On campus Print Shop closes; modern technology takes over


The printing press has become a machine of the past at City College.
The Print Shop on East Campus, which has run continuously for at least 35 years, closed its doors Oct. 15 because of a lack of demand for its services. Copy machines, both on and off campus, over the years have been rendered obsolete the longer process of printing on a press.
The shop conducted projects such as printing business cards and brochures for the college. According to Vice President of Business Services, Joe Sullivan, cutting the Print shop will save the college up to $70,000 a year.
Along with the shut down of the Print Shop, former full-time employee Jack Johnston was let go. Johnston was the Print Shop production office supervisor and served as a City College staff member for over 35 years.
“Anytime there are people involved it is a difficult decision,” said Sullivan. “We couldn’t continue to spend money and not have a work product.”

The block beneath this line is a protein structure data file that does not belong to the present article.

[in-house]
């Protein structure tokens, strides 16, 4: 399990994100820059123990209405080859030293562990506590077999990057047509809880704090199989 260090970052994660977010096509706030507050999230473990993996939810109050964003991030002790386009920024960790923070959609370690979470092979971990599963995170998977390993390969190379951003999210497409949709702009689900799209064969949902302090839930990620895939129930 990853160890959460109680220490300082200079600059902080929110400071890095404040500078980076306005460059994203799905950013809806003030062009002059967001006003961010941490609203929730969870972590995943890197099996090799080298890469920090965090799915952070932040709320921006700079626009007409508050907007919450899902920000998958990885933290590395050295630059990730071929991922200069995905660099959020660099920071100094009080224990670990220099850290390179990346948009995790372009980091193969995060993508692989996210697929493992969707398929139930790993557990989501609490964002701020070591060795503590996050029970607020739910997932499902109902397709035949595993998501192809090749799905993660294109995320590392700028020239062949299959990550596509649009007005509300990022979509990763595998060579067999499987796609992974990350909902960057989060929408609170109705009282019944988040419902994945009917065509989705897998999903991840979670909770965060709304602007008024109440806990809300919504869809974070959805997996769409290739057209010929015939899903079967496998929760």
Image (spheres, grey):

Liz Auchincloss, Local California School Employees Association Chapter president, said this is the first full-time employee layoff she has seen since she started at City College 15 years ago. According to Auchincloss, Johnston did not want any union representation.
The City College Duplicating Center, located in the Administration building, is now responsible for some of the workload left behind by the Print Shop. Chris Miller, offset duplicating machine operator, said the workload has only increased slightly. Still, duplicating only uses copiers instead of presses, and is currently unable to complete more complicated projects with color such as business cards.
Auchincloss said the effects of the lay off are still being negotiated, and the work has yet to be fully distributed.
The state budget cuts continue to be felt around the campus. “I hope this is the exception, and not the rule,” said Sue Ehrlich, vice president of Human Resources and Legal Affairs. The Print Shop was a resource used by many faculty members in the past; it and Johnston will be missed, she said.